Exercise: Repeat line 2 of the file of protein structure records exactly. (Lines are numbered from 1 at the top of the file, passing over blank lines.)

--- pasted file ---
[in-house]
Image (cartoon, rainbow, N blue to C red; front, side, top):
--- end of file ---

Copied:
Image (cartoon, rainbow, N blue to C red; front, side, top):